My Family and Other Animals follows the English Durrell family as they make their home on the Greek island of Corfu, beginning when the narrator, Gerry, is ten years old. Gerry is extremely interested in the natural world and treats Corfu as both a playground in which he can conduct his observations of plants and animals, as well as almost a character in its own right. In this way, the novel positions the Durrell family's existence in Corfu as being intrinsically tied up with nature, suggesting that the natural world is an inescapable part of life—and, further, that coexisting within the natural world means that one must not try too hard to tame it, instead accepting the natural world for what it is.
Much of Gerry's narration centers on his descriptions of what he observes in his garden or in the course of his adventures around Corfu, from the life cycles of earwigs and mantises to the mating habits of tortoises. Many chapters also open with a lengthy description of the changing seasons, which in most cases appear to dictate the course of human life on the island to a much greater degree than human-centric events like holidays. This intense focus on the natural world—both as something that Gerry happily immerses himself in and as something that affects everyone else, regardless of their feelings about it—situates the natural world as something intrinsically connected to the people that inhabit it. It's worth noting that this interconnectedness between the natural world and the manmade world is something that, for the most part, only Gerry and a select few others find charming. Others, and particularly his oldest brother, Larry, strive to keep the Durrell house slightly more tame with varying degrees of success and a great deal of hilarity.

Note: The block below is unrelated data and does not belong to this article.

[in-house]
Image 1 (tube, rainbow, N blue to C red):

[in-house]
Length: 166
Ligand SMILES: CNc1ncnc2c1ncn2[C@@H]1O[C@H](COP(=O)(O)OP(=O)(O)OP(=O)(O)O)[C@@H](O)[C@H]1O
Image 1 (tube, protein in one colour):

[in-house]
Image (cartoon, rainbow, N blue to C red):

Mother and Margo are generally either supportive or nonchalant about Gerry's insistence on bringing various animals into the Durrell household, while Larry and Gerry's other older brother, Leslie, more often find Gerry's hobby anywhere from obnoxious to dangerous, depending on the animals in question. Some of Gerry's more exotic pets, such as Achilles the tortoise and Quasimodo the dove, become beloved members of the Durrell household. The family's general acceptance of these pets reinforces Gerry's belief that the natural world is wonderful and capable of providing both companionship and interest to the lives of humans, as well as reinforces his belief that humans should endeavor to live harmoniously in and amongst nature. However, it's also important to recognize that tortoises and doves are relatively easy animals to live with, especially compared to some of the other animals Gerry brings into the house. At one point, Leslie has the intense misfortune of unwittingly opening a matchbox only to discover a captured (and then forgotten) mother scorpion and her babies, while the pair of magpies known affectionately as the Magenpies promptly destroys, among other things, Larry's room and his beloved manuscript.
The destructive (and in some cases dangerous) natures of some of Gerry's pets, as well as his family's disinterest in living closely with them, does several things. First, it differentiates Gerry from the rest of his family, as he's the only one who is truly interested in living with and understanding both his pets and the natural world. Though the rest of his family certainly enjoys the natural world, they overwhelmingly present an example of humans either dominating over nature (as in the case of Leslie, who loves to hunt) or enjoying the splendor of Corfu when the mood strikes (as Margo does with her sunbathing habit). This suggests that though there are a number of ways to exist within the natural world, Gerry's is the only one that seeks to discover a true sense of understanding with the natural world. In addition, the personalities and habits of some of Gerry's pets suggest that their tameness is debatable, which in turn shows that the natural world, as interesting and delightful as it may be, isn't something that humans can fully control and domesticate. The Durrells take many of Gerry's pets, including the exotic ones, back to England with them at the end of the novel. This decision suggests that the animals are considered to be a part of the family, even if they're still undeniably wild animals. On the train back to England, Mother's offense and annoyance when an official in Switzerland notes on her travel form that she's traveling with a "circus and staff" suggests that, annoyance with Gerry aside, the natural world is very much a part of the Durrell family—and that the human members of the family must endeavor to live alongside and support the natural world.